BEACHES

The coast of Wales has some fine beaches, from tiny coves surrounded by towering cliffs, to wide expanses of sand. Below are a selection from St Davids in Pembrokshire to Aberdovey in Gwynedd to the north.
 

Newport (Parrog)

Newport in Pembrokeshire, is a pretty little town between Cardigan and Fishguard. The River Nevern (Afon Nyfer) enters the sea here at the Parrog.

Newport is known today for its beaches, for the Carreg Coetan Arthur burial chamber and for the West Wales Eco Centre. The town also lies on the Pembrokeshire Coast Path, has a youth hostel and is popular for walks in the Preseli Hills. Carn Ingli hill, home to an Iron Age hillfort and some Bronze Age hut circles lies just outside the town.


Poppit Sands

Poppit Sands is a very wide sandy beach at the estuary of the River Teifi near Cardigan in Wales. It is close to St Dogmaels and the northern end of the Pembrokeshire Coast Path starts there.

Backed by low dunes, the top of the beach comprises about 80m of dry, very loose sand, making it very popular with families. Lower down it is hard-packed. The beach slopes gently, and therefore the sea is shallow for quite a long way out. Even at high tide there is plenty of soft sand exposed.

On the eastern side of the dunes, erosion has formed sand cliffs over 4 metres (13 feet) high. New dunes are now building up close to the access boardwalk.


Mwnt

Mwnt is a National Trust beach. There is a large pay and display car park above the beach and a shop and toilets partway down the path leading to the beach. It gets its name from the prominent steep conical hill, a landmark from much of Cardigan Bay, that rises above the beach.

The beach gets its name from the prominent steep conical hill (Foel y Mwnt), a landmark from much of Cardigan Bay, and from where there are fine views of the coast to the north and south including Cardigan Island.

At the bottom of the hill is Mwnt church, the Church of the Holy Cross (Welsh: Eglwys y Grog) which  is an example of a medieval sailor's chapel of ease. The site is said to have been used since the Age of the Saints, but the present building is probably 14th century.

 


Aberporth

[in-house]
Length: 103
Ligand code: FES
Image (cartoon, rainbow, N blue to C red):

In the 16th century, Aberporth with its two fine sandy beaches, was a subsidiary landing point for the port of Cardigan. Boats, nets and salt for preserving were brought in from Ireland.

There are two beaches at Aberporth separated by a rocky point, at the top of which there is a public car park.

Bottlenose dolphins are seen frequently close to shore. In 2006 orcas and harbour porpoises have also been seen but such sightings are rare. Even rarer was a turtle seen in 2005. Sunfish and basking sharks are often seen offshore in the summer.

 


Tresaith

Legend relates that a certain king of Ireland had seven troublesome daughters. Failing to exercise control over the princesses he finally lost his patience and told his servants to put his daughters on an open boat and cast them adrift. The Irish Sea currents took the craft towards the coast of Ceredigion where it beached. The seven princesses landed safely, fell in love with the sons of seven local Welsh families, married and settled down. This is why the settlement is called Tresaith (Welsh 'the Town of Seven').

 


Penbryn

Penbryn Beach, between Llangrannog and Tresaith is owned by the National Trust and was used for location filming for the James Bond film Die Another Day.

Although the road will take you right to the beach, there is only a turning circle at the end, and parking is at the National Trust car park by the cafe a few minutes walk from the beach. Penbryn is a wide sandy beach enclosed by rocky headlands at each end.


Llangrannog